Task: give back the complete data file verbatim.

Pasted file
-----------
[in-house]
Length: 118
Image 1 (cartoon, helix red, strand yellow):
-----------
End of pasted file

[in-house]
Length: 118
Image 1 (cartoon, helix red, strand yellow):